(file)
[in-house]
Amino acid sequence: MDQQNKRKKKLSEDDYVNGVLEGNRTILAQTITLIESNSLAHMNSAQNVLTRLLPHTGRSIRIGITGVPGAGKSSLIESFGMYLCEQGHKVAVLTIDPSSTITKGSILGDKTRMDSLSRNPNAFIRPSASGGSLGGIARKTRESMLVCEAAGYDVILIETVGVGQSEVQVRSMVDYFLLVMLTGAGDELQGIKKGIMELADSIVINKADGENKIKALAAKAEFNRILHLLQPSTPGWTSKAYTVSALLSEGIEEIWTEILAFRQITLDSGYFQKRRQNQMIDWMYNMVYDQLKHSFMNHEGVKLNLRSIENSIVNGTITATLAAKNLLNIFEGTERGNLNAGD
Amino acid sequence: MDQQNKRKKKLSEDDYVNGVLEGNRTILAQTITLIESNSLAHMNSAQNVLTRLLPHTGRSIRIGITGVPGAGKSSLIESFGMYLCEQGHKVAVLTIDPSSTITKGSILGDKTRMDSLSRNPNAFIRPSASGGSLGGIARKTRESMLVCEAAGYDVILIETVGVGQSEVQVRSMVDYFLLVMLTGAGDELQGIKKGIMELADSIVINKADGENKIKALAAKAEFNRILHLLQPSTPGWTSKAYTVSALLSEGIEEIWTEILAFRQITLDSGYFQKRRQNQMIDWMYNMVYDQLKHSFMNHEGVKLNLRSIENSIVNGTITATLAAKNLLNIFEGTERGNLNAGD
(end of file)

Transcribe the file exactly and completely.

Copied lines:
[in-house]
Amino acid sequence: MDQQNKRKKKLSEDDYVNGVLEGNRTILAQTITLIESNSLAHMNSAQNVLTRLLPHTGRSIRIGITGVPGAGKSSLIESFGMYLCEQGHKVAVLTIDPSSTITKGSILGDKTRMDSLSRNPNAFIRPSASGGSLGGIARKTRESMLVCEAAGYDVILIETVGVGQSEVQVRSMVDYFLLVMLTGAGDELQGIKKGIMELADSIVINKADGENKIKALAAKAEFNRILHLLQPSTPGWTSKAYTVSALLSEGIEEIWTEILAFRQITLDSGYFQKRRQNQMIDWMYNMVYDQLKHSFMNHEGVKLNLRSIENSIVNGTITATLAAKNLLNIFEGTERGNLNAGD
Amino acid sequence: MDQQNKRKKKLSEDDYVNGVLEGNRTILAQTITLIESNSLAHMNSAQNVLTRLLPHTGRSIRIGITGVPGAGKSSLIESFGMYLCEQGHKVAVLTIDPSSTITKGSILGDKTRMDSLSRNPNAFIRPSASGGSLGGIARKTRESMLVCEAAGYDVILIETVGVGQSEVQVRSMVDYFLLVMLTGAGDELQGIKKGIMELADSIVINKADGENKIKALAAKAEFNRILHLLQPSTPGWTSKAYTVSALLSEGIEEIWTEILAFRQITLDSGYFQKRRQNQMIDWMYNMVYDQLKHSFMNHEGVKLNLRSIENSIVNGTITATLAAKNLLNIFEGTERGNLNAGD